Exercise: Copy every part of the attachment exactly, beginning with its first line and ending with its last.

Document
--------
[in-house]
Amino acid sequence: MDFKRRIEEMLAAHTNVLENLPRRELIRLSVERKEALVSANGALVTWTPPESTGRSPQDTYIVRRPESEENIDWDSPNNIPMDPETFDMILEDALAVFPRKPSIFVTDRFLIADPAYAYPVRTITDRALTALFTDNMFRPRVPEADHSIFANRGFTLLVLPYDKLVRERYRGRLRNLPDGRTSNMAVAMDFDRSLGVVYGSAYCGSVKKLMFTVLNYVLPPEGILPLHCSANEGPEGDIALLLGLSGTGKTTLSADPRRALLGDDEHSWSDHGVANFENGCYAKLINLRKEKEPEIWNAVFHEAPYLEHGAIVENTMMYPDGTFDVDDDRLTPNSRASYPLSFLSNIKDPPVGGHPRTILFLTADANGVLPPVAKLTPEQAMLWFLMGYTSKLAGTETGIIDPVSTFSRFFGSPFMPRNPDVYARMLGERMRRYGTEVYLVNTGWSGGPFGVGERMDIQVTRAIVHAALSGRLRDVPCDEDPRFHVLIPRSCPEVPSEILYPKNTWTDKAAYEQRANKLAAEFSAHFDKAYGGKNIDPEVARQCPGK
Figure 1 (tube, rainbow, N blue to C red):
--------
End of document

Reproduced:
[in-house]
Amino acid sequence: MDFKRRIEEMLAAHTNVLENLPRRELIRLSVERKEALVSANGALVTWTPPESTGRSPQDTYIVRRPESEENIDWDSPNNIPMDPETFDMILEDALAVFPRKPSIFVTDRFLIADPAYAYPVRTITDRALTALFTDNMFRPRVPEADHSIFANRGFTLLVLPYDKLVRERYRGRLRNLPDGRTSNMAVAMDFDRSLGVVYGSAYCGSVKKLMFTVLNYVLPPEGILPLHCSANEGPEGDIALLLGLSGTGKTTLSADPRRALLGDDEHSWSDHGVANFENGCYAKLINLRKEKEPEIWNAVFHEAPYLEHGAIVENTMMYPDGTFDVDDDRLTPNSRASYPLSFLSNIKDPPVGGHPRTILFLTADANGVLPPVAKLTPEQAMLWFLMGYTSKLAGTETGIIDPVSTFSRFFGSPFMPRNPDVYARMLGERMRRYGTEVYLVNTGWSGGPFGVGERMDIQVTRAIVHAALSGRLRDVPCDEDPRFHVLIPRSCPEVPSEILYPKNTWTDKAAYEQRANKLAAEFSAHFDKAYGGKNIDPEVARQCPGK
Figure 1 (tube, rainbow, N blue to C red):